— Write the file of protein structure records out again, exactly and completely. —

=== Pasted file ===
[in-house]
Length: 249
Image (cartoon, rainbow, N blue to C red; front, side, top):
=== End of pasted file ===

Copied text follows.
[in-house]
Length: 249
Image (cartoon, rainbow, N blue to C red; front, side, top):